In This Space
Forest fire & risk mapping
Forest fire mapping, Braganca, Portugal 2013 (Source: GIO EMS)
The product provides maps of actual forest fires and the risk potential for fire in other areas. Several satellites with different capabilities in terms of spatial resolution, sensitivity, spectral bands, and times and frequencies of overpasses provide observation and measurement capabilities for monitoring different fire characteristics including areas that are dry and susceptible to wildfire outbreak, actively burning fires and their extent and burnt area.
Forest fire risk:
Based on the combination of different forest-fire-causing factors, a forest fire risk zone map can be derived. For instant, elevation, slope, aspect, biomass/fuel loading (based on NDVI, LAI, etc.), soil moisture and land cover and land use data are classified and various degrees of fire sensitivity are calculated. A risk level can be defined (high, moderate, low) to indicate areas which are under high, moderate or low risk with regard to forest fires.
Fires and their extent can be detected in near-real time with satellite instruments that sense heat. Changes can be monitored over short periods of time and fire maps can be generated within a few hours to provide an overview of affected areas and aid more effective firefighting. In recording the frequency it can be identified which different vegetation types/zones are affected.
Burnt scars in the land can also be clearly identified by satellites to identify vegetation damage and to develop recovery plans after a fire occurred.
Known restrictions / limitations
Dependent on area and sensors required. A lack of adequate re-visit frequency can be a challenge for active fire monitoring.
Earth observing systems operating in the visible and infrared spectral region are sensitive to atmospheric conditions. The channels used for the detection of forest fires as described, are sensitive in so-called window regions. Under cloud-free conditions, the radiance reaching the sensors has been emitted or reflected from the Earth's surface. But sensors in the VIS and IR region are very sensitive to the presence of clouds in the field of view. Thermal IR can be used for wildfire monitoring. Thermal IR from EO data has relatively coarse resolution, this leads to some restrictions if using to assess risk to infrastructure.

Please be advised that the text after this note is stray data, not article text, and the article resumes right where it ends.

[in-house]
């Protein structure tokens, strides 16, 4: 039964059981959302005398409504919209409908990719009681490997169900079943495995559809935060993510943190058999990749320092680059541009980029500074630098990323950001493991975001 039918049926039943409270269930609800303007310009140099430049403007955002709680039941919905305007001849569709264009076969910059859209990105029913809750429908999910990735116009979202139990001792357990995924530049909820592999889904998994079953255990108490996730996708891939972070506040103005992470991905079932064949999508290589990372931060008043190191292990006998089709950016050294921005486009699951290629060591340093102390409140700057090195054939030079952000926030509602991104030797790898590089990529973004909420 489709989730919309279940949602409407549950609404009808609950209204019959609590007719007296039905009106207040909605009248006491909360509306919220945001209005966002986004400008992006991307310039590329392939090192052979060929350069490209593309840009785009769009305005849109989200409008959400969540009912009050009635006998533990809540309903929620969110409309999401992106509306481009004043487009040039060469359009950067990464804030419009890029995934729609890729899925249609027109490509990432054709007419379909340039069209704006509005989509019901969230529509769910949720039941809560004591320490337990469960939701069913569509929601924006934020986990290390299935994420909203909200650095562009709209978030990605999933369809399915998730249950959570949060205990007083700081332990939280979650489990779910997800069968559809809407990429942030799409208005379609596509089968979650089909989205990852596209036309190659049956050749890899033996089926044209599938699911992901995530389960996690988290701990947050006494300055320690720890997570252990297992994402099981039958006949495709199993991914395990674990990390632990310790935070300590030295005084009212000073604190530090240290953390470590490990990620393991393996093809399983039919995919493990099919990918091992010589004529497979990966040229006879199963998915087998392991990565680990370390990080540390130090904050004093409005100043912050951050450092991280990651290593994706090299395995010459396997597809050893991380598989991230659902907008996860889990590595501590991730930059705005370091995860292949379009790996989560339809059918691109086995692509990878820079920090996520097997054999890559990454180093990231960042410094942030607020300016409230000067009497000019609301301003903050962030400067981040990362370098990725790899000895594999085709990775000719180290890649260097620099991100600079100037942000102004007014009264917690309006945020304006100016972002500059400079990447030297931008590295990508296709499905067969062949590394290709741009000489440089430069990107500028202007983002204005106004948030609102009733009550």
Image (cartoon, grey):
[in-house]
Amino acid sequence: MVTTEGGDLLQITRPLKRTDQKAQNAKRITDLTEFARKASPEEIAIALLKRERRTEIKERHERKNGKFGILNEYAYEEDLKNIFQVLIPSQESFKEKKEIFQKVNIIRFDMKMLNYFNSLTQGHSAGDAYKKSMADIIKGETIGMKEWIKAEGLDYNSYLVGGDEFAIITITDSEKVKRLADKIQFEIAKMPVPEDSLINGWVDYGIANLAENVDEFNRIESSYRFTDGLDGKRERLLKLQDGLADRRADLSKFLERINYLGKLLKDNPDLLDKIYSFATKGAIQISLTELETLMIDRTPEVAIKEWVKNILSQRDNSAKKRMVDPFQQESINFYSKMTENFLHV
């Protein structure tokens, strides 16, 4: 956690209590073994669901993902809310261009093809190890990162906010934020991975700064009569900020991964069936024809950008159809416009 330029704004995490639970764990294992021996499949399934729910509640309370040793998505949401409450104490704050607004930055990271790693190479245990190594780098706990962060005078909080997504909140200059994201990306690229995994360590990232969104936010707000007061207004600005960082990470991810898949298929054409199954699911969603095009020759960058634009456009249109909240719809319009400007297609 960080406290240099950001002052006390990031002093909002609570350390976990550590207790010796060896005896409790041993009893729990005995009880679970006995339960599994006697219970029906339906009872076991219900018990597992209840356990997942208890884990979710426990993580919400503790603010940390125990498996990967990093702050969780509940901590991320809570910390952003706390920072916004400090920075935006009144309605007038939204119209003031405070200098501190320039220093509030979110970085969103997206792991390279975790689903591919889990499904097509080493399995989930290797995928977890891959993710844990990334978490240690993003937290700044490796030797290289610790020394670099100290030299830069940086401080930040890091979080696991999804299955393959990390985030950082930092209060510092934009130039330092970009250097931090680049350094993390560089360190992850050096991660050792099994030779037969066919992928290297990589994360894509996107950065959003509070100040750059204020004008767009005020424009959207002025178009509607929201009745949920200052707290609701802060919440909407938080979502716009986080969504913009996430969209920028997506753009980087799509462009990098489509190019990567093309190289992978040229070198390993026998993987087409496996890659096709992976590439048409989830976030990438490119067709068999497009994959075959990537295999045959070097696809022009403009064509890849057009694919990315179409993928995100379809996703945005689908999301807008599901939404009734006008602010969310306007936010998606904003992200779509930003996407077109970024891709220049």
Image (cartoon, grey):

Land cover information from optical satellites
In tropical rain forest areas frequent cloud cover can be an issue for the production of the maps but may be mitigated by combing radar and optical satellite images.
Slope, Elevation, Curvature
High latitudes coverage is restricted. When generating DEM from stereo pairs, good quality imagery needs to be available with 2 or more images showing the same area from different directions. This can be a time consuming process. Lower resolution DEM data is available off the shelf.
Lifecycle stage and demand
Exploration, Development & Production:
Geographic coverage and demand
Globally in wooded or vegetated areas.
OTM:057 Fire mapping
Input data sources
Optical: HR1, HR2, MR1, MR2
Radar: HR1, HR2, MR1, MR2
Spatial resolution and coverage
Spatial resolution: 4 m – 1 km (due to the great variety of the used input data there is a wide span of input data resolution)
Minimum Mapping Unit (MMU)
The MMU is dependent on the input data resolution, the mapped objects and the accuracy to be achieved. For monitoring forest stands, typically hectares to km² at a time.
For optical satellite data with 4 m spatial resolution a MMU of 256 m² can be achieved (for example).
Accuracy / constraints
Thematic accuracy: 70-90%
Spatial accuracy: The goal would be one pixel, but depends on reference data
Accuracy assessment approach & quality control measures
Stratified random points sampling approach utilizing VHR reference or other geospatial in-situ data. Statistical confusion matrix with user’s, producer’s accuracy and kappa statistics for forest fire and risk mapping.
Frequency / timeliness
Observation frequency: The frequency is constrained by satellite revisit and acquisition timeframes, but also processing requirements. Depending on the requirements of the customer the most suitable satellite sensor has to be chosen considering spatial / spectral resolution as well as revisit frequency. There may be a need for better temporal frequency from thermal imagery for wildfire monitoring.
Timeliness of deliverable: For fire extent and burnt scars, the processing can be completed in near real time (< 24 hours) depending on set up of the processing system and availability of base images. The processing of fire risk is dependent on the size of the mapped area, resolution, MMU and number of mapped classes.
Freely available or commercially acquired is depending on the sensor selected. For components of this product (biomass, elevation etc.) free sensors would be adequate.
Delivery / output format
|Peer Reviewer:||Hatfield Consultants|
Maria Lemper; Jan Militzer
Forest fire & risk mapping
# of Pages:
Internal – Project consortium and science partners
External – ESA
This page has no comments.